The entire audience was silent after watching Sunitha Krishnan’s powerful TEDIndia talk on the issue of child sex trafficking in India in November this year. People needed time to digest her message.
She spoke about the organisation Prajwala she began almost 15 years ago in Hyderabad, India, and its mission of helping trafficked children. Prajwala finds, extracts, and supports women who are trafficked into prostitution as children. I visited her and Prajwala in Hyderabad after the conference to speak to her to understand more about it.
In conversation she displayed an intense, resolute determination, and selfless pride in the activities of the organisation. She described a multipronged approach aimed at helping these children by providing equal parts psychological support, civic support, and vocational support. She made it clear that none of these approaches alone could achieve the desired outcome, which was full reintegration into their community.
Her organisation worked to table, and have civic compensation legislation for trafficked children passed through Andra Pradesh state parliament to enable their civic rehabilition. This, she described, was crucial to having the children recognise themselves as victims rather than perpetrators, and crucially, have that same mindshift occur in the communities they were re-entering.
In addition, Prajwala has set up seventeen schools, educating the children through all stages of primary and secondary education. I visited one of these schools and spoke to a few of the teenage girls, one of which was now in university completing a Bachelor of Commerce.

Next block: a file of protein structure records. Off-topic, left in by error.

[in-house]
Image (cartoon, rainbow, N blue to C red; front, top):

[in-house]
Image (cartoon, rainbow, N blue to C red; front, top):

On the same grounds, they had vocational training workshops in metalwork and woodwork, and were running a printing enterprise. One of the most difficult aspects to deal with was the fact that approximately one out of three girls had contracted HIV prior to their arrival at Prajwala, and medical support was a significant challenge.
Sunitha has suffered both threatened and real physical abuse from the vested interests in child trafficking. She has been attacked in fourteen separate incidents, and at the time of our meeting, was waiting for an operation required to fix her hearing, from a recent attempt on her life.
The consequences of Prajwala’s work is inspiring. Over 3,500 children have received support, 600 of which have gone on to marry and have 46 children, who she affectionately described as her grandchildren. This, by anyone’s standards, is a big achievement.
Watch her talk above to hear it in her own words.
Anesthesiologist based in Melbourne, Australia.
My interests are in next generation web applications and the potential within the growing volumes of data, and increased personal connectivity to improve the way we make decisions.
The web is less about computers than it is about connecting people and bridging the information gap found in a web-deficient world.
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